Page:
New insight into when CAR T is effective against childhood leukaemia

Scientists and clinicians at UCL and Great Ormond Street Hospital (GOSH) studying the effectiveness of CAR T-cell therapies in children with leukaemia, have discovered a small sub-set of T-cells that are likely to play a key role in whether the treatment is successful.

Researchers say that stem cell memory T-cells appear critical in both destroying the cancer at the outset and for long term immune surveillance. Exploiting this quality could improve the design and performance of CAR T therapies.

Explaining the study, published in Nature Cancer, lead author Dr Luca Biasco (UCL Great Ormond Street Institute of Child Health), said: “During clinical trials we have seen some very encouraging results in young patients with leukaemia, however it’s still not clear why CAR T-cells continue to be present in the long-term for some patients, stopping the cancer from returning, while others remain at a high risk of relapse. To ensure that a leukaemia treatment works any CAR T-cell therapy must have a prolonged effect on the way that the body recognises and removes cancer cells. In this study we tried to find the origin and nature of the T-cells that control these long-term responses.”

In CAR T therapy, immune cells (T-cells) are genetically engineered to contain a molecule called a chimeric antigen receptor (CAR) on their surface which can specifically recognise cancerous cells.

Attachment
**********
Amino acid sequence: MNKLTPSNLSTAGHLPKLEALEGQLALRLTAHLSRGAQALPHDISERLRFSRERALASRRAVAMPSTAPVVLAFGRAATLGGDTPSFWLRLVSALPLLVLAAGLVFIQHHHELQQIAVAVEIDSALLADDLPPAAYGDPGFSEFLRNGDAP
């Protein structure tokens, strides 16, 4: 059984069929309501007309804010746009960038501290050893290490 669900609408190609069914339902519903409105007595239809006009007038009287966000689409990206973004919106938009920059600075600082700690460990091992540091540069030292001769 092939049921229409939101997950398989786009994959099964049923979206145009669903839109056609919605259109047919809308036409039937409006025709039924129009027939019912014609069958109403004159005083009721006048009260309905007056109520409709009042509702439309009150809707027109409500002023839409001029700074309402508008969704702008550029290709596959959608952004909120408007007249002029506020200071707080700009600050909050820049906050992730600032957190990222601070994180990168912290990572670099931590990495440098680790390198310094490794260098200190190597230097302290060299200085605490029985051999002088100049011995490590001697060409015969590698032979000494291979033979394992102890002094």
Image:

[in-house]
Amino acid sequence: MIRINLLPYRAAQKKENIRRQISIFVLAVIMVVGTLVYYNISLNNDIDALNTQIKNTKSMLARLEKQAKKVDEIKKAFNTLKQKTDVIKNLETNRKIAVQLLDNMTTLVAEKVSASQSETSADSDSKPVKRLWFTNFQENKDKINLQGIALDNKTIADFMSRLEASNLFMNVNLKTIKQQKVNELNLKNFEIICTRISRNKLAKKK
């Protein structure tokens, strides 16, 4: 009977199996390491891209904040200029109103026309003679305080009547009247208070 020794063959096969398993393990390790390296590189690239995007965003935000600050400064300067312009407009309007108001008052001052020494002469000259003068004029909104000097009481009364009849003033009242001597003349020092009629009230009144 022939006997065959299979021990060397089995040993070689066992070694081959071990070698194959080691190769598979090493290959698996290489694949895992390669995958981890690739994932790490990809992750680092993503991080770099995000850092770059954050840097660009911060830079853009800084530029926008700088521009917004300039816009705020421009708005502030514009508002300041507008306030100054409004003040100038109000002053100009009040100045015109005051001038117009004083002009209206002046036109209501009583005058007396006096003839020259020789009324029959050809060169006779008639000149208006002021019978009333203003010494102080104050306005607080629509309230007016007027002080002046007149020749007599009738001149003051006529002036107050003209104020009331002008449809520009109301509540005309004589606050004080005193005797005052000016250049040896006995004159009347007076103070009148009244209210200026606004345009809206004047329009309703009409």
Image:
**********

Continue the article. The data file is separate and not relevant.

Researchers assessed the CAR T-cells of patients involved in the CARPALL Phase I Study, which used a new CAR molecule known as CAT-19 developed between UCL Cancer Institute and UCL Great Ormond Street Institute of Child Health, for treatment in children with acute lymphoblastic leukaemia (ALL).

The team compared CAR T-cells from patients who still had CAR T-cells detectable in the blood more than two years after their treatment, with individuals who had lost their CAR T-cells in the one to two months post treatment.

Using a technique called ‘insertion site barcoding’, researchers were able to study the fate of different types of CAR T-cells in patients after they were given.

Corresponding author Professor Persis Amrolia, based at UCL Great Ormond Street Institute of Child Health and Consultant in Bone Marrow Transplant at GOSH, said: “Using this barcoding technique, we were able to see ‘stem cell memory T-cells’ play a central role both during the early anti-leukaemic response and in later immune surveillance, where the body recognises and destroys cancer cells. This suggests that this small sub-group of T-cells are critical to the long-term success of the therapy.”

Researchers say, this work indicates that the teams caring for patients could measure the types of CAR T-cells present after some someone has had their anti-leukaemia therapy, to gain an indication of whether they will be able to preserve their CAR T-cells into the future, avoiding relapse.

Image credit: Jessica Rockowitz

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